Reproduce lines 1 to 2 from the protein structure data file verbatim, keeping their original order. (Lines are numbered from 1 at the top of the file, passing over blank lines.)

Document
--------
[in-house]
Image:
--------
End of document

[in-house]
Image: